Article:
Peer review

The patient submitted an online complaint to the peer review committee of the local dental society. As a general rule, the peer review process involves the members of the dental society assessing the quality of the dental care provided, based on reviewing dental charts and radiographs, and the examination of the complaining patient. If the peer reviewers find the work to have been inadequate, they will require the dentist to refund all or part of the money paid by the patient, as a condition of membership in the society. The committee requirements for submission of a claim included the provision that by submitting a peer review complaint, the patient waives his right to sue the dentist in court, thereby vesting sole authority over the dispute to the peer review process.

When the committee received and reviewed the complaint, they determined that the dentist was not a member of the dental society, so the committee had no authority over the dentist to assess the claim or require that the dentist refund any money to the patient. The patient was so informed, and Dr. G was sent a copy of all documents involving peer review as a courtesy.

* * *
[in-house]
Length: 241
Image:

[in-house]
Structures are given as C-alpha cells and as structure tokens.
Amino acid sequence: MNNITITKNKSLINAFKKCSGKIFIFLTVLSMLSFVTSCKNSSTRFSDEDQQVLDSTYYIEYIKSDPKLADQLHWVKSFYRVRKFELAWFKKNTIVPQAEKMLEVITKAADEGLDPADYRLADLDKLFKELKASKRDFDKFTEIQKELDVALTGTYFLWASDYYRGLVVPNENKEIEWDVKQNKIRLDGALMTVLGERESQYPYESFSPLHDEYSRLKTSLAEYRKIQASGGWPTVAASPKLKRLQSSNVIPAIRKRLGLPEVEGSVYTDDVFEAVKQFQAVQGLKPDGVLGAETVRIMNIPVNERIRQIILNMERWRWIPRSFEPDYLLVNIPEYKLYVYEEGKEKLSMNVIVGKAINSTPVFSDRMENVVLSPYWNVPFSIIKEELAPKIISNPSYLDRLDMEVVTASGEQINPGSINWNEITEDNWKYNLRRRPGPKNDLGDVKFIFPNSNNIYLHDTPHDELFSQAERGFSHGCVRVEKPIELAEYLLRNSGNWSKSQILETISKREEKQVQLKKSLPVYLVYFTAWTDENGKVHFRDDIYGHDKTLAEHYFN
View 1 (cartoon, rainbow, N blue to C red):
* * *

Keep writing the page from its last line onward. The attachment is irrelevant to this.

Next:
Malpractice suit filed

When the patient learned that peer review was not an option, he filed a dental malpractice case against Dr. G as a self-represented plaintiff. After Dr. G was served with the court papers, he contacted MedPro and the office was assigned his defense.

Among MedPro's first steps in defending Dr. G was immediately filing a motion to dismiss the case on the grounds that the mere filing of a peer review complaint -- regardless of how that played out -- constituted a waiver of the patient's right to sue the dentist in court, as set forth in the peer review committee's rules, to which the patient had agreed. The judge found that, although this strict literal interpretation was correct, and it would have applied if there had been any substantive peer review finding, denying the plaintiff any potential recourse would be unfairly prejudicial to him. So the case was permitted to proceed.

At the bench trial, the plaintiff presented his case by explaining his dissatisfaction with Dr. G's work and by presenting a certified copy of the records of the dentist who subsequently replaced the six crowns. Neither the subsequent dentist nor any other expert dentist was brought to court by the plaintiff to testify to Dr. G's claimed negligence or dental malpractice.